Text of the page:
The Penn professor who heads the NBC News Decision Desk said the Associated Press and Fox News made a "terrible call" by projecting Joe Biden as the winner in Arizona just hours after the polls closed on Election Day.
At a virtual Penn event discussing the 2020 presidential election, John Lapinski also lambasted President Donald Trump for sowing distrust in the media.
The Zoom event, titled “What Happened in the U.S. Elections?” was co-hosted by Penn’s Program on Opinion Research and Election Studies, the Penn Center for the Advanced Study of India, and Penn Global. Lapinski, the Robert A. Fox Leadership Professor of Political Science, director of PORES, and the director of the Elections Unit at NBC News, answered audience questions in a discussion moderated by Tariq Thachil, the director of CASI and associate professor of political science.
Lapinski gave insight on the arduous process of projecting a winner of the election, which he and his team at NBC are responsible for. He said that some news outlets had notable differences in their projections after the election, singling out the AP and Fox News for calling Arizona for Biden late on election night. NBC News, CNN, and The New York Times did not project Biden's win in Arizona until more than a week later on Nov. 12.
Though Fox News and the AP were correct, Lapinski criticized their early call, adding that it was premature and irresponsible. He said an incorrect call could have led to serious repercussions and public outrage.
“Fox News and the Associated Press made a terrible call when they called Arizona,” he said. “Had they gotten that call wrong, America would have spiraled.”
As the Director of NBC’s Elections Unit since 2013, Lapinski said a key takeaway from his team’s exit polls was that Republicans are underrepresented in polling, which contributes to their distrust in certain media outlets.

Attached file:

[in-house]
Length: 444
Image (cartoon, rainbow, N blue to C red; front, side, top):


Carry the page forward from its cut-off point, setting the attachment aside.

“[Republicans] don’t trust us, and they don’t want to take our polls,” Lapinski said. “When we do our NBC polls, we no longer tell people it’s NBC calling. It actually decreases the willingness of Republicans to take our surveys.”
The root cause, Lapinski said, is Trump’s frequent attacks on various American news outlets, which has caused potentially irreparable damage to these outlets’ ability to conduct accurate polling.
“President Trump has really eroded [his supporters’] trust in many institutions, particularly the media and certainly people who are polling,” Lapinski said. He added that this distrust will likely outlast Trump, regardless of whether he continues to be politically active after he leaves office.
Lapinski said a solution to make polls more representative of all groups, including Republicans, could be to gather more information on who is and who is not participating in their polls so that pollsters can pursue underrepresented demographics.
“What we need to really know is who we’re reaching and who we’re not reaching,” Lapinski said. “The more we understand who’s not participating, and put in additional efforts to get some of those people, that’s going to be what’s going to improve polling.”
But Lapinski said that he is skeptical of whether pollsters will be able to erode the distrust that Republicans have in the media moving forward.
“I think it's going to be really hard to fully unlearn some of the stuff that’s been picked up in 2020,” Lapinski said. “It still remains to be seen about how much stickiness and bitterness are going to be associated with this election that will continue forward, and how much of the skepticism that exists is going to linger into 2022 and 2024.”
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